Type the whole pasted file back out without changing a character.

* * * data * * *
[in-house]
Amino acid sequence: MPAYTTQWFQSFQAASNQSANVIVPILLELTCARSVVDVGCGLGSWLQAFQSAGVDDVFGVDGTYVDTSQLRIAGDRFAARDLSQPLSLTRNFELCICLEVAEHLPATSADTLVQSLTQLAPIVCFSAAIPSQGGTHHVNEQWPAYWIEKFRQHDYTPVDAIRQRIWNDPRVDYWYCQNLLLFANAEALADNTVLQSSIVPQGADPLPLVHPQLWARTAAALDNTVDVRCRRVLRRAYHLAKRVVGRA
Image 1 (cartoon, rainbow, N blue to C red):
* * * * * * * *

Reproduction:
[in-house]
Amino acid sequence: MPAYTTQWFQSFQAASNQSANVIVPILLELTCARSVVDVGCGLGSWLQAFQSAGVDDVFGVDGTYVDTSQLRIAGDRFAARDLSQPLSLTRNFELCICLEVAEHLPATSADTLVQSLTQLAPIVCFSAAIPSQGGTHHVNEQWPAYWIEKFRQHDYTPVDAIRQRIWNDPRVDYWYCQNLLLFANAEALADNTVLQSSIVPQGADPLPLVHPQLWARTAAALDNTVDVRCRRVLRRAYHLAKRVVGRA
Image 1 (cartoon, rainbow, N blue to C red):